From Rep. Nicole Macri, 43rd District
Donald Trump signed into law last month a bill that strips you of your ability stop internet service providers (ISP) from selling your private browsing information.
This means if you’ve ever typed your Social Security into an online form, your ISP could collect it and sell it according to congressional experts.
I think that is wrong, and I have heard from many constituents about their concerns about this change in federal policy. The internet has become ubiquitous and it is increasingly difficult to conduct our lives without entering personal information on the internet. ISPs should not be allowed to sell your personal information without your permission.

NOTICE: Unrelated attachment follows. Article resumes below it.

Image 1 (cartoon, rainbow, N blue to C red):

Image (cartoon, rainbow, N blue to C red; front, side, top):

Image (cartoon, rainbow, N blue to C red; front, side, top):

That is why I joined 73 of my colleagues (a supermajority of the House) to introduce HB 2200.
Our bill would create new internet privacy protections enforceable under the Washington Consumer Protection Act, including:
- Compelling transparency by making ISP privacy policies available to customers so they know what to expect.
- Protecting privacy by prohibiting ISPs from selling or using private information (such as a person’s browsing history) without consent.
- Requiring ISPs to report to customers when they have been hacked and personal data has been breached so customers can protect themselves.
Consumers should have the option to keep their personal browser history private.
This is an important consumer protection measure that enjoys wide bipartisan support, and I look forward to seeing it land on the governor’s desk for his signature.